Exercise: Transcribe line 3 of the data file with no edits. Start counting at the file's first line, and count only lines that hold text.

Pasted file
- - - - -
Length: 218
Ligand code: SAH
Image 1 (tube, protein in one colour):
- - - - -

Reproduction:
Image 1 (tube, protein in one colour):